Nathaniel Mary Quinn lays bare the honesty of humanity - with ripples of hope, anxiety of failure, and the traumas of childhood. Quinn experiences visions that he translates into paintings, most of which get titled after people he has encountered, first in the rough South Side of Chicago where he was born and later abandoned by his family, followed by time in an elite boarding school where he took refuge in education, perhaps realizing how much he had learned from life in the projects, growing up fast, yet how much more he needed to know to survive in his changing circumstances - his portraits are markers of his capacity for empathy.

The title of the show On that Faithful Day, references the day life changed for Quinn, returning to an empty apartment, his father and brothers gone, his mother recently buried - he was fifteen and alone. Death was common place in his community, but abandonment was a drastic shift. On that Faithful Day consists of portraits of Quinn’s mom and self-portraits (the first he has ever made), residual memories of her as well as his emotional states at the age of fifteen. Al Green sings, How Can You Mend a Broken Heart, strewn cloths and a sculpture of the gate to Quinn's dorm, where his fellow band members came and went. In a niche a photograph rests, carried through the school gate when leaving home, the only photograph Quinn has of his mother. Yet, his memories are vivid and abiding.

Quinn admits his survival is a result of his education, including his MFA from NYU, but the spark of survival was born with him and he has been aware of it as have most who have known him. Mary's Boy, Golf Mound, and Fifteen (all works 2017) reveal a series of disjointed self-portraits, complex with contradictions - the man boy dichotomy; both male and female; mixed racial attributes; hopeful eyes, brooding mouth, even unsure brow. Irrespective, these contradictions reflect that spark (with sumptuous gilding within the supple skin tones). Quinn uses the energy and character of the individual to project the rich spectrum of humanity in his portraits.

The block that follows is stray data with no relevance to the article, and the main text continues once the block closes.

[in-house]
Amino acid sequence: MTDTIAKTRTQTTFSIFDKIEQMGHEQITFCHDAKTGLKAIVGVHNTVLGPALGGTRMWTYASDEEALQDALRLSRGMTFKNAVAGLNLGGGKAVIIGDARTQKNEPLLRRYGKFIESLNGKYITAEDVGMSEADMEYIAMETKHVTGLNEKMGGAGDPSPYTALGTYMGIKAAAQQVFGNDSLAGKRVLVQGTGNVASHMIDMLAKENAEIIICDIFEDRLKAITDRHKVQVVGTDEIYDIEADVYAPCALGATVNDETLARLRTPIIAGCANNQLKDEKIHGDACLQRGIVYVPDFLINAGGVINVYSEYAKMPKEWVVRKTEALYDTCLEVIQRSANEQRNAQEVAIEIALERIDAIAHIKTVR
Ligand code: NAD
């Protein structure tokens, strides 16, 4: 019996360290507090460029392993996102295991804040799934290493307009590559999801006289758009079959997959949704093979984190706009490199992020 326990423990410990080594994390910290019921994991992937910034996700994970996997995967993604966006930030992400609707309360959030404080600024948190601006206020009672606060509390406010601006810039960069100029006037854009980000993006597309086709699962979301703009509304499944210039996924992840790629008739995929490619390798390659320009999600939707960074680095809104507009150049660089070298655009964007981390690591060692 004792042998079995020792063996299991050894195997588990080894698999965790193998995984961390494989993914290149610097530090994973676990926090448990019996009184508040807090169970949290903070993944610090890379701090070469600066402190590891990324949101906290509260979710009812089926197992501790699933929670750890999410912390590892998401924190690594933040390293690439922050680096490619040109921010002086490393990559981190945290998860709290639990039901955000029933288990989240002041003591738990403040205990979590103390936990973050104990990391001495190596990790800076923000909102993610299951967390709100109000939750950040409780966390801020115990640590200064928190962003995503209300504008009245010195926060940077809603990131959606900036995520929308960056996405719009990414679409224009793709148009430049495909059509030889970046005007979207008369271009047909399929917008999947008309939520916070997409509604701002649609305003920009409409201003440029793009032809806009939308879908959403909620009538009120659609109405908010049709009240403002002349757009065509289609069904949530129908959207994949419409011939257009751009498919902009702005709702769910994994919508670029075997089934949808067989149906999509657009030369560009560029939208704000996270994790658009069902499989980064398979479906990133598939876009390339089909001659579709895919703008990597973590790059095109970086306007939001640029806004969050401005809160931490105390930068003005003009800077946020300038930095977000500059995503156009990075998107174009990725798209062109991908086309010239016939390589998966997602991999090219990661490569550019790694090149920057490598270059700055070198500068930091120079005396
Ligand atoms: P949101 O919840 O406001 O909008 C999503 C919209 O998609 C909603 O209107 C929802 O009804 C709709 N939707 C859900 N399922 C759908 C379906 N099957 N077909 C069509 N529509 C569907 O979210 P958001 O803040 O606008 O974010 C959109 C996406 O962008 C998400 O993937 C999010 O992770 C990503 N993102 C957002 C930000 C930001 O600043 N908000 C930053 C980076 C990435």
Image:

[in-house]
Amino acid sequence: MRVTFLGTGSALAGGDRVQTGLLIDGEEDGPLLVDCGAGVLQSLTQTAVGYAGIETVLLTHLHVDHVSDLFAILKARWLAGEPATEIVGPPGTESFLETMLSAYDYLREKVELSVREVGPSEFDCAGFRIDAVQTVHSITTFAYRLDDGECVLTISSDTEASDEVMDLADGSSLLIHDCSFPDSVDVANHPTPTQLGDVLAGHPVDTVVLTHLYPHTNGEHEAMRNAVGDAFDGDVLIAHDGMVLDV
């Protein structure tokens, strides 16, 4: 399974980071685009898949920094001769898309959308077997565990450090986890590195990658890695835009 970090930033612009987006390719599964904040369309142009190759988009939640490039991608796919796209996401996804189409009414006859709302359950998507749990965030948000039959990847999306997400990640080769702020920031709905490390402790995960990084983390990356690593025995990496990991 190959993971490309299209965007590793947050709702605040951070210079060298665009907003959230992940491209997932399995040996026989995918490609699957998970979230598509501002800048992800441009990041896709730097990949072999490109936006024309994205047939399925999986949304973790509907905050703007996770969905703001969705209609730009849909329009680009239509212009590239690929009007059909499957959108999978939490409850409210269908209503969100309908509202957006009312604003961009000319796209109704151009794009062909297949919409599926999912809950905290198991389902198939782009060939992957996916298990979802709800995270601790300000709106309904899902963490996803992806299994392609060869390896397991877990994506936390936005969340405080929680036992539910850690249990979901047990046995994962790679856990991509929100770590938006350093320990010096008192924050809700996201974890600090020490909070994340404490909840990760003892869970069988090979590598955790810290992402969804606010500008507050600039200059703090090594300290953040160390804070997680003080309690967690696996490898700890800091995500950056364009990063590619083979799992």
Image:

Truth can often be harsh. Quinn's skillful technique navigates the space between photography and painting. He paints from fragments of photographs culled from fashion and culture magazines and embodies a collage aesthetic at the interception between painting and photography. Quinn's skill is such that his delicate hand records his visions as translated through media fragments, refracting the summation of the lives and experiences of those he portrays to immerse the viewer into his world. Quinn's works emerge from and are the start of many inspiring observations.

-Kathleen Madden

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